Case-mix adjustment of NHS patient outcomes
April 12, 2022 • Reading time 2 minutes
Recently Edge health was retained by a large NHS programme in the UK to support the development of an approach to risk adjusting surgical outcome data. The client in question currently reports surgical outcome data back to practicing surgeons (confidentially) to aid them with their revalidation as well as quality improvement.
Why was risk adjustment of surgical outcome data important for our client?
Consider the following scenario, comparing two consultants. Consultant A has a very low mortality rate (0.2% of patients on which this consultant operated on sadly died), while Consultant B has a higher mortality rate (3.2% of patients undergoing the same procedure with this consultant sadly died). These “raw” rates do not consider the patient characteristics, or underlying comorbidities (case-mix) of the patients treated by each consultant.
For example, Consultant A may have seen very young, healthy patients, while Consultant B has seen older patients with more comorbidities such as heart conditions or diabetes. Despite undertaking the same surgical procedure in theory it would be unfair to say Consultant B actually performed worse.
A proper risk adjustment approach therefore has to take into account the underlying patient characteristics to adjust important outcome measures. Here, in our example, given the underlying patient characteristics, Consultant B actually performed better than Consultant A (after risk adjustment).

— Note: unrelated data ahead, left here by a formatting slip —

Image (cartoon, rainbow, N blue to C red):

The resulting model
We then developed and validated a risk adjustment model that used regression based methods to predict expected outcomes based on the observed data and used this to adjust the outcomes at surgeon level. We also implemented machine learning methods to determine the performance of our model. This was especially important in this instance, as the smaller consultant level samples make it harder to evaluate performance. A key risk for us was that at individual surgeon level, risk adjustments can quickly become unstable or unreliable due to the low number of observations. It was important to present only statistically stable, reliable, risk-adjusted rates. We thus had to determine a dynamic lower bound on the number of observations required per consultant for risk adjustment, balancing consultant coverage and statistical validity.
For this project, we presented the risk adjusted rates in funnel plots with control limits (labelled alert and alarm for research purposes only) (Figure 2 below). The data is now used with selected clinicians on a confidential and voluntary basis with the goal to undertake detailed evaluation and testing and with clinician support ultimately make it available to all consultants in the country.
We are working on making the code publicly available if our client is supportive as soon as the pilot phase concludes. If you are interested in more details please do not hesitate to contact us at firstname.lastname@example.org